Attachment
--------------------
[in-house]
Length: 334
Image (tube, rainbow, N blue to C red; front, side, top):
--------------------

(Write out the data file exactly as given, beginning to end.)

[in-house]
Length: 334
Image (tube, rainbow, N blue to C red; front, side, top):